Throw in a guest spot from Alex Newell and you’ve got a tremendous moment that the Oscars will be completely unable to top on Sunday night. 

Ignore the negative hype, ‘Birds of Prey’ isn’t a box office disaster

Birds of Prey is the top movie at the box office in its opening weekend, with $33.3 million in U.S. ticket sales.

That’s not a huge opening, let’s be clear. Birds of Prey didn’t do Marvel numbers. Hell, it didn’t even do DC numbers. For those keeping track at home, $33.7 million is the lowest opening weekend out of any DC Extended Universe release so far.

It’s not all bad news, though. I’ve seen plenty of headlines and social media chatter declaring Birds of Prey a “failure” and a “box office bust.” But it’s important to remember when we’re looking at box office figures that these things don’t happen in a vacuum.

For starters, Birds of Prey is an R-rated movie. That MPAA rating immediately cuts down its potential audience – and box office – since it’s a no-go for families on the hunt for a weekend trip to the movies. Even without much in the way of competition during its opening weekend, the rating surely kept some of the audience at home.

It’s also a February release. The opening months of the year are typically a quiet time at the movies. We’ve seen that paradigm shift in recent years, though that applies more to March; as big studios plan a greater number of annual blockbusters, the “spring” season of movie releases has gotten earlier.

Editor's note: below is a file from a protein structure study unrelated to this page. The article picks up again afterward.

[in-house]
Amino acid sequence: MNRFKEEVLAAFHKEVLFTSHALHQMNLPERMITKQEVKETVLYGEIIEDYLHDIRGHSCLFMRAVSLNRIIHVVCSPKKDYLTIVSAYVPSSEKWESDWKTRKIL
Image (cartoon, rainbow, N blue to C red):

In fact, if we look purely at R-rated movies released in February, Birds of Prey is a Top 15 opening weekend. It comes in at #14, just behind Get Out ($33.4 million) and just ahead of The Wolfman ($31.5 million). Even if we remove the rating from consideration, Birds of Prey‘s opening weekend is the 28th highest of all time for February.

I also haven’t mentioned foreign ticket sales. The movie opened with $48 million from non-U.S. audiences. It’s not clear at the time of this writing which territories are covered in that number or how the split shakes out. But with a global box office take of just over $80 million, Birds of Prey is very close to making more than its reported $84.5 million budget.

I’m not here trying to make a case that $33.5 million is a stellar opening weekend performance. But I do know there are those out there in the wilds of the internet who are rooting against Birds of Prey for petty personal reasons that aren’t worth discussing. That attitude, largely cultivated by a small-but-loud faction of social media trolls, contributes to an overall narrative of failure.

That’s not to say every report of the movie’s poor performance is a conscious embrace bad faith attacks on Birds of Prey. But that’s the insidious nature of trolling at work. People who write for the internet, myself included, end up framing the movie’s release against a narrative that doesn’t have much basis in reality.